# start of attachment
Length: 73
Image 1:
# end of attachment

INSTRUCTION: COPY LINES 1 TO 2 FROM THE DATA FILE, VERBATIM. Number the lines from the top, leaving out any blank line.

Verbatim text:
Length: 73
Image 1: